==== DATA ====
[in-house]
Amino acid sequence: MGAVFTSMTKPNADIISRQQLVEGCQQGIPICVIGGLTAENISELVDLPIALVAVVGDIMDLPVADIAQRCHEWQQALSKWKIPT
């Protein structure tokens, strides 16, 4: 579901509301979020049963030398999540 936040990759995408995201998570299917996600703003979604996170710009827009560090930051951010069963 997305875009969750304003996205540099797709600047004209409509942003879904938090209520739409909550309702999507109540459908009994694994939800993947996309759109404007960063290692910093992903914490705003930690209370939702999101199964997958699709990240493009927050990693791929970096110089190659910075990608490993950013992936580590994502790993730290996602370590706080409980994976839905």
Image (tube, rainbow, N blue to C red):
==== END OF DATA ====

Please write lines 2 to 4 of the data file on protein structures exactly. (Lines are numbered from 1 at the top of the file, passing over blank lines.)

Amino acid sequence: MGAVFTSMTKPNADIISRQQLVEGCQQGIPICVIGGLTAENISELVDLPIALVAVVGDIMDLPVADIAQRCHEWQQALSKWKIPT
């Protein structure tokens, strides 16, 4: 579901509301979020049963030398999540 936040990759995408995201998570299917996600703003979604996170710009827009560090930051951010069963 997305875009969750304003996205540099797709600047004209409509942003879904938090209520739409909550309702999507109540459908009994694994939800993947996309759109404007960063290692910093992903914490705003930690209370939702999101199964997958699709990240493009927050990693791929970096110089190659910075990608490993950013992936580590994502790993730290996602370590706080409980994976839905």
Image (tube, rainbow, N blue to C red):